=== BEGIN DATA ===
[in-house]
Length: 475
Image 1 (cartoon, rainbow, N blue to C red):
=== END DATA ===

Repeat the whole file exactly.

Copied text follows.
[in-house]
Length: 475
Image 1 (cartoon, rainbow, N blue to C red):